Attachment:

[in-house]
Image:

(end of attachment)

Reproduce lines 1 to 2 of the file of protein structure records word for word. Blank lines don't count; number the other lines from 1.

[in-house]
Image: